"In America today, millions have made this compact already with identity politics. They need absolution, and identity politics, unlike Progressivism and Marxism, promises to give it...They will do anything, that is, except return to the transcendent God, who alone can lift their burden," writes Joshua Mitchell in Real Clear Public Affairs.
dozen or so years ago, I took temporary leave from Georgetown University and moved to Iraq for two years to preside over The American University of Iraq-Sulaimani. Some of the young men and women enrolled in our fledgling university carried the double burden of having survived both the American invasion and the Kurdish Civil War that had occurred twenty years earlier. To give a sense of the difficulties the university had to contend with, we found it necessary to develop a scholarship category – “Anfal students” – for those whose parents had been gassed to death by Saddam Hussein’s cousin, nicknamed “Chemical Ali,” during the Kurdish genocide in Halabja and elsewhere. More than 175,000 Kurds died in that offensive, whose name, “Anfal,” means “the spoils of war.” Those who died in Halabja convulsed, fell to the ground, and choked in their own green vomit before succumbing. In America, we talk of “hardship” students. Few have experienced trauma of the kind our students in Iraq endured.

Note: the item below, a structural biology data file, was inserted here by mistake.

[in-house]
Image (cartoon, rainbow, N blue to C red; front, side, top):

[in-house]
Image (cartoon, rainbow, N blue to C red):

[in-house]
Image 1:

Teachers at the American University of Iraq were of two sorts. There were those who sympathetically said to their students: “We dimly understand what you have been through, but the only way we can help you is by upholding high standards, so that you can develop the competence you will need to live well.”
Teachers at the American University of Iraq were of two sorts. There were those who sympathetically said to their students: “We dimly understand what you have been through, but the only way we can help you is by upholding high standards, so that you can develop the competence you will need to live well.” And there were others whose guilt about the American invasion and its consequences was all-consuming. For these teachers, the development of student competence was of secondary importance. What mattered was that they be merciful and empathetic toward their students, who were, after all, innocent victims. These teachers did not require that their students hand in their work on time, or at all. They ignored cheating. An inordinate amount of their time was spent making tearful pleas, in the hope that administrators would be lenient when student grades fell below the level required to retain scholarships.